An elderly Afghan disembarks from a dinghy after arriving with other migrants and refugees from a Turkish coast to the northeastern Greek island of Lesbos, Sunday, Oct. 25, 2015. (AP Photo/Santi Palacios)
Your feedback is important to us!
We invite all our readers to share with us their views and comments about this article.
Disclaimer: Comments submitted by third parties on this site are the sole responsibility of the individual(s) whose content is submitted. The Daily Star accepts no responsibility for the content of comment(s), including, without limitation, any error, omission or inaccuracy therein. Please note that your email address will NOT appear on the site.
Alert: If you are facing problems with posting comments, please note that you must verify your email with Disqus prior to posting a comment. follow this link to make sure your account meets the requirements. (http://bit.ly/vDisqus)
European leaders lashed out Sunday at each other's handling of the continent's greatest immigration crisis since World War II, even as they came together to seek ways to ease the plight of the tens of thousands marching across the Balkans toward the European Union's heartland. At a hastily called emergency summit in Brussels, 11 EU and Balkan leaders were especially looking to shore up Greece's porous border with Turkey and slow the flow of people heading north toward the European Union's heartland. more than 62,000 migrants have arrived in Slovenia, with some 14,000 still passing through the country on Sunday.In a 16-point plan seen by Reuters, leaders will try to balance their approach, likely agreeing to send 400 border guards to the western Balkan border if the EU's frontier states drop their policy of giving arrivals passage to other countries.Many say the EU needs to get control of the refugee flow at the bloc's external border between EU-member Greece and Turkey.Greece, criticized for being ill-prepared as a first EU buffer against the migrants, decried the lack of European solidarity.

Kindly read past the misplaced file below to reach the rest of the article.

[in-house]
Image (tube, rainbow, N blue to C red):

FOLLOW THIS ARTICLE